Jerry will be going up to see Hollis, the baby donkey, at Texas A&M Large Animal Hospital tomorrow morning. The docs were able to do a scope of his throat where they found more upper respiratory complications. They spent today consulting with other equine veterinarian specialists trying to find solutions for Hollis’s serious breathing difficulties. We do know that the little guy is happy as can be with his Mama, unaware of how many people are praying for him. Jerry will give us an update tomorrow after he visits with the doctors and Hollis.
This next article is on how to take great horse pictures. Which reminds me – there is still time to enter your horse in our Habitat for Horses Calendar. Click Here to find out more. ~ HfH
By: Daniel Johnson
How to Take Great Sales Photos of Your Horse
Here’s how to present your horse at his very best.
Whether you’re planning to sell your horse locally or long-distance, quality sales photos can be an important part of finding your horse the perfect new home. Between print and online advertising, Facebook, Twitter and other social media, good photography is an essential for selling your horse these days. But crafting a good photograph can be a challenge, and horses can be particularly challenging subjects. Fortunately, with a little bit of planning and a few pointers, you can secure some nice photos of your horse that will present him at his best. Let’s take a look at some ideas.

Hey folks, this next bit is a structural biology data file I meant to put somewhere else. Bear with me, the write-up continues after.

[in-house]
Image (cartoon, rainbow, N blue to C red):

Get Him Groomed
Before you even think about breaking out the camera, stop and ask yourself if your horse is really ready to be photographed. Chances are, he’s got a few stains on him, or maybe he needs to be clipped and have a new mane job (and has he seen a farrier lately?). Just as you do before a ride, take a few moments to get your horse looking his best. Sure, you have those fun snapshots on your phone that are cute enough to you, but don’t put up sales photos that represent your horse as ungroomed—there’s no reason to have him look anything less than his best.
Choose a Location
Don’t bring him out of the barn just yet! You’ve still got to select a location with a good background for your photos. Fences, sheds, tractors, trucks, jumps, and gates might be a normal part of the barn scene, but they don’t necessarily make the most attractive backgrounds for photos. In the case of a sales photo, you want to highlight one thing and one thing only: the horse. Any other included elements have a tendency to become distracting—even if they aren’t necessarily unattractive in their own right (like a fence). When it comes to footing, keep in mind that level ground is ideal.
Choose a Camera
Your choice of camera and lens is important, too. While there are always exceptions, horse portraits are typically most successful when a somewhat long (telephoto) lens is used. For this, you’ll need a DSLR camera with a lens of about 150mm, or preferably a bit longer. At a minimum, you’ll need a point-and-shoot camera with a lens that extends and allows for optical zooming. The camera on your phone doesn’t have this ability, so smartphones aren’t the best choice for horse portraits.